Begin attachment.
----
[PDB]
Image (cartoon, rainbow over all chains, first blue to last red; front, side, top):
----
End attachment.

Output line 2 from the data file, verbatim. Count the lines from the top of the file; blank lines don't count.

Image (cartoon, rainbow over all chains, first blue to last red; front, side, top):